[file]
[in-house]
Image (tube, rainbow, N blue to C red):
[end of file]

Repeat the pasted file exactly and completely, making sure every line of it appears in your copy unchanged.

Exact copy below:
[in-house]
Image (tube, rainbow, N blue to C red):